'Their new survey covers just three years, up to 2013. The previous period, that they compare against, was 2005-11. Would any serious scientists use such short periods to make claims about trends?'
It has been widely reported that “the Antarctic is shedding twice the amount of a few years ago”. I have picked out the Guardian, but the BBC run with the same story, and doubtlessly many others too. Quite simply, the claim is false. The study finds that the new figure is “twice as much as when it was last surveyed”. These are two totally different things. The new Cryosat-2 radar altimeter dataset allows much more detailed analysis, leading to a fivefold increase in the sampling of coastal regions where the vast majority of all ice losses occur. Therefore, most of the newly identified ice loss was happening before, but just was not spotted.
Of the figures they quote, by far the largest area, East Antarctica, is only losing 3Gt/year. Given that the margin of error is stated as +/-36, this is effectively zero, and it is quite likely that ice mass is growing there.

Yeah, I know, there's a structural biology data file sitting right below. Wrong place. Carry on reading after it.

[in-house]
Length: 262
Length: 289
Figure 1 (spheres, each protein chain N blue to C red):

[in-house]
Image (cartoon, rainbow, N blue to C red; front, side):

We need to put these findings into historical perspective. Antarctic land ice has been steadily disappearing since the end of the Ice Age, some 18,000 years ago.
Studies show that Antarctic temperatures during the MWP and earlier centuries were comparable with or higher than present.
It is claimed that the current ice loss in the Antarctic is enough to raise global sea levels by 0.45 millimetres each year, but much of this rise has already been occurring throughout the last century. As there has been no noticeable change in the rate of sea level rise since 2010, there is no evidence that the new figures claimed for Antarctica represent any significant increase...over a century an extra 9mm of sea level rise. Hardly apocalyptic!!'